Learn ‘What do termite eggs look like‘ and gain essential tips for identifying and combating infestations.
1. What does Termite Eggs look like?
Although termites vary in shape and size, their eggs tend to look similar across different types.
1. Shape of Terminate Eggs
Termite eggs are small, shiny, and white, resembling tiny jelly beans with a smooth, somewhat clear surface. Unlike eggs of bed bugs or other insects, they don’t have any noticeable marks or dents.
These eggs are laid in big groups, each having hundreds or thousands of these small eggs. These groups look like tiny piles of white powder, similar to very small caviar.
2. Dimensions of Termination Eggs
A typical termite egg is about 0.5 mm in size. When first laid, they’re around 0.25 mm and grow to 1.0 mm as the baby termite inside gets bigger. They’re so small that it’s hard to see them with just your eyes.
The size of a group of termite eggs depends on the type of termite and how many eggs the queen lays. Queens of smaller termite types, like the subterranean and Formosan termites, lay thousands of eggs, leading to huge colonies with millions of termites.
3. Color of Terminate Eggs
Termite eggs are usually pale, a bit see-through, and most often white or yellow, with white being more usual. The color might change a bit based on when they were laid; the
first eggs from a queen are more yellow, but later ones are more white or off-white. Sometimes, you might see darker round shapes in pictures of termite eggs.
These are called “termite balls,” a type of fungus that looks like eggs and steals food meant for the termite babies. These balls can be white, yellow, orange, or brown.
2. Where can you find Termite Eggs?
Termite eggs are usually hidden deep inside their nests, where they are guarded by the queen and worker termites.
Subterranean termites make their nests under the ground, so their eggs are often found between 4 to 18 inches beneath the soil surface.
Drywood termites, however, live inside wood. This means their eggs can be located in places like dead tree branches, wooden beams, outdoor wooden decks, or even inside wooden furniture.
3. How to kill Termite Eggs?
To deal with termite eggs, you can use laundry detergent. First, find where the termite eggs are and apply laundry detergent directly there. Another method is to mix the detergent with water and spray this mixture onto the termite nest.
You can also use substances like diatomaceous earth or boric acid. These are effective in killing both termites and their eggs. Orange oil and neem oil are also good options. Orange oil works when termites touch it, and neem oil is effective when termites eat it. Another natural solution is using salt.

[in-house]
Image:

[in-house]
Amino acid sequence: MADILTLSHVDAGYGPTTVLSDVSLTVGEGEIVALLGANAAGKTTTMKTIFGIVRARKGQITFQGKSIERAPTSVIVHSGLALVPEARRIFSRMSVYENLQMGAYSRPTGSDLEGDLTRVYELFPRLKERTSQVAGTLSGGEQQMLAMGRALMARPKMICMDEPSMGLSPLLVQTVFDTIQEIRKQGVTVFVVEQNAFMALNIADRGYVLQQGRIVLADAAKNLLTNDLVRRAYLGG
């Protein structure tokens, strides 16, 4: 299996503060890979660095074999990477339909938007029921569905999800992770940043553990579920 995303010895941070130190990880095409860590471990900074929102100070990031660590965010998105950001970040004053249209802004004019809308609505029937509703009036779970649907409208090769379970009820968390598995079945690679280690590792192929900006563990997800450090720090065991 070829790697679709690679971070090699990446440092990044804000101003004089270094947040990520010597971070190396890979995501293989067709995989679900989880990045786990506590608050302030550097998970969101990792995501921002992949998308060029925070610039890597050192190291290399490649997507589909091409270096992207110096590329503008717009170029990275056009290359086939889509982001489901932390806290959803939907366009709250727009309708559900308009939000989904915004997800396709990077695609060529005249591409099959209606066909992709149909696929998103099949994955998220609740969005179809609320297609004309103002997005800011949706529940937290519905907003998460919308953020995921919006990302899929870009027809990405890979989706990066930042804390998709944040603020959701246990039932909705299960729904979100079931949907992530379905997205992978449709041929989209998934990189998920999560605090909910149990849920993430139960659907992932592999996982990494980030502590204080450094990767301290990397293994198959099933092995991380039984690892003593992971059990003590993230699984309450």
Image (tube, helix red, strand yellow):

Mix salt and warm water in equal parts until it’s very salty. Then, use a syringe to inject this salty solution into the areas where termites are found. The salt causes the termites to dehydrate and die.
4. How many Eggs do Termites lay?
The number of eggs a termite queen lays varies with the species and the environment of the colony. In well-settled colonies, a termite queen can lay thousands of eggs each day.
The queen starts by laying only a few eggs, but as the nest becomes more established, she lays eggs at a much faster rate. A termite queen can live up to 25 years, and during her lifetime, she can produce hundreds of thousands of eggs every year.
This can be concerning for homeowners, especially if there’s a nearby termite colony with more than one queen laying eggs.
5. How long do Termite Eggs take to hatch?
Termite eggs typically hatch within a few weeks to a month. The exact time depends on the termite species and the conditions within their colony.
Factors like the climate and the geographic location of the termite nest also play a role in determining how long it takes for the eggs to hatch.
Termites generally favor warm and humid conditions for laying their eggs and setting up their nests.
In conclusion, understanding “What do termite eggs look like” is a vital step in recognizing and managing termite infestations.
We hope this blog has enlightened you about the early stages of these common household pests and equipped you with the knowledge to protect your home effectively.
For more insights and expert advice on pest control, don’t forget to explore our other blogs at Pestweek.
Calina Mabel has over 15 years of experience in the field of journalism and communications. Currently, Calina Mabel is the Content Writer for categories such as Cockroach, Ants, Bed Bugs, Mosquito, Rodent, Termite, and Flies on Pestweek.com. She aims to build content for these categories with a focus on providing valuable and accessible information to readers, in order to create the world’s largest knowledge community about Pests.
All content written by Calina Mabel has been reviewed by Emily Carter.